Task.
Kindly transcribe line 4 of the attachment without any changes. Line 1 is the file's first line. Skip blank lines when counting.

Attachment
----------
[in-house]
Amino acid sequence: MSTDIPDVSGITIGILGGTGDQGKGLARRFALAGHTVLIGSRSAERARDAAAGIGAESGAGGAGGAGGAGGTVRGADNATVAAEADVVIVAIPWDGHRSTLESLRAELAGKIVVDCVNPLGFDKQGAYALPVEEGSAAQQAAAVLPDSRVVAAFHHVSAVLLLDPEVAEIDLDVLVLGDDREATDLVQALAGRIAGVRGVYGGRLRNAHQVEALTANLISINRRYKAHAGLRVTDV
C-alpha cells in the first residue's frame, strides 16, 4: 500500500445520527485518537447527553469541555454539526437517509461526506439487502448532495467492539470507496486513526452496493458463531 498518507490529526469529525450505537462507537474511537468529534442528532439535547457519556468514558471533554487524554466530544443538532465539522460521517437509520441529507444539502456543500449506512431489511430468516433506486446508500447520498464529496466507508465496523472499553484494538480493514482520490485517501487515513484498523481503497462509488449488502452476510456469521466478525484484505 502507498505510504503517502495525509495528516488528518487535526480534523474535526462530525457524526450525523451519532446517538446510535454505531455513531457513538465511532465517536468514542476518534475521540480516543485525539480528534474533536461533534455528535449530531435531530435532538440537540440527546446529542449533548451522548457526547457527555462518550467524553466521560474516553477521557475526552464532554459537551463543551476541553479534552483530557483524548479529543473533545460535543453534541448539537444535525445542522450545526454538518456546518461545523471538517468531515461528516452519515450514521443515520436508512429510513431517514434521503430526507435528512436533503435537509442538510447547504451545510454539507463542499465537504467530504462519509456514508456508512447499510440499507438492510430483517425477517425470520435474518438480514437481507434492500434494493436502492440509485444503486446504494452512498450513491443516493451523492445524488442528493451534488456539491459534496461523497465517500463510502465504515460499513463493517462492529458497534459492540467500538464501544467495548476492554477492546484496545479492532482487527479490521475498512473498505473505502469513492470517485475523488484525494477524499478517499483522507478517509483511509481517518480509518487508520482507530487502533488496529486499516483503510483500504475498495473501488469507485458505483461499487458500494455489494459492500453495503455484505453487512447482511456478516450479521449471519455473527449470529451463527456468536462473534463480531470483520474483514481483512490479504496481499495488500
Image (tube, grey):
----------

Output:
Image (tube, grey):